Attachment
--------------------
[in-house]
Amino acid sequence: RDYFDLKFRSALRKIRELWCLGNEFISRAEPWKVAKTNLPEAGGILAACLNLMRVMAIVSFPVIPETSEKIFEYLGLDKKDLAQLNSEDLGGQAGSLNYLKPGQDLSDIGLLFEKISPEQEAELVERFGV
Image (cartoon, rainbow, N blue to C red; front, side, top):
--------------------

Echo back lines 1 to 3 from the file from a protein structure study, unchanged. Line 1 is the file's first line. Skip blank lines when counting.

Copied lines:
[in-house]
Amino acid sequence: RDYFDLKFRSALRKIRELWCLGNEFISRAEPWKVAKTNLPEAGGILAACLNLMRVMAIVSFPVIPETSEKIFEYLGLDKKDLAQLNSEDLGGQAGSLNYLKPGQDLSDIGLLFEKISPEQEAELVERFGV
Image (cartoon, rainbow, N blue to C red; front, side, top):